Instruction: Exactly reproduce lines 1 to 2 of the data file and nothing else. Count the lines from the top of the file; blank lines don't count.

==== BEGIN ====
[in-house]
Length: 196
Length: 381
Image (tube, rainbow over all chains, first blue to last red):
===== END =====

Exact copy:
[in-house]
Length: 196